“Yet you’re still responsible for it being over the legal limit,” he said. “It’s kind of a tough deal for the startup grower.”
According to MDA data, 12 percent of samples failed THC threshold tests in 2019.
Another first-year licensed grower in 2019 was Scott Robertson, who grows hemp with a group of individuals in Winnebago, Minn., on about eight acres of land.
It wasn’t much of a struggle for them to grow and harvest hemp this season, said Robertson. But the post-harvest path they envisioned actually lead to a dead end.
“We got everything harvested, dried and bagged up,” he said. “But now we’re stuck trying to find processors, and people to sell the product to.”
The company they had lined up for processing quickly became inundated with orders and was unable to handle theirs.
Robertson said growers’ options are limited for processors, and dependent on the product they want to sell and how they want it to be done. For example this year, he said, they wanted an oil product and for it to be processed with liquid carbon dioxide rather than ethanol.
With oil, Robertson said it’s common for processing facilities to keep half the oil they process for you. That might seem like a raw deal, but Robertson said it’s worth it because “oil is much easier to sell than flower.”
With the industry becoming more and more saturated, the number of products derived from hemp is crowding shelves.
“It’s just like corn and beans — once there’s a bunch of it around, it’s tough to move it,” he said.
A friendly hemp adviser
Beginning hemp growers would benefit from knowing Ted Galaty, who owns and operates Willow’s Keep Farm in Zumbrota where he’s been growing hemp since 2018. They grow about four acres outdoors and recently started raising high-CBD hemp indoors.
Two grow seasons under his belt basically makes Galaty a veteran in the state’s hemp industry. Maybe it’s his experience or because people noticed his farm (and signs with a marijuana leaf on the state of Minnesota) while driving on U.S. Highway 52, but he said people trickle in every day at his store.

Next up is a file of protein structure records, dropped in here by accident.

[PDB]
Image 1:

“What we do here is just educate and farm, I don’t push product on anyone,” said Galaty. Some people simply take the information and go on their way.
It’s usually people wanting to learn more about CBD and the various products that can be made from hemp.
Ted Galaty, owner and operator of Willow’s Keep Farm in Zumbrota, looks over a room full of growing hemp bathed in purple lighting. Indoor growers have caught on to how plants use different color spectrum components during growth cycles. Violet or purple as a secondary light source is used to facilitate the growth of a plant’s leafy vegetation.
Based on data from state departments of agriculture, farmers grow hemp for three products: flowers, fiber and grain. The only thing that differentiates the three is the way they are processed.
The current craze over CBD will likely continue to explode and expand, said Galaty. He’s turned more of his attention now to growing hemp for fiber, which can be used for textiles, insulation, floor boards, paper and various other building and construction materials.
One thing he’s excited for in the future is seed varieties that can be used for multiple products.
“You could get a fiber variety (of seed) that still has high CBD content, and they’ll grow really tall,” he said. “Then when you bring them down, you could take the flowers off to process into CBD, and the stalks into fiber.”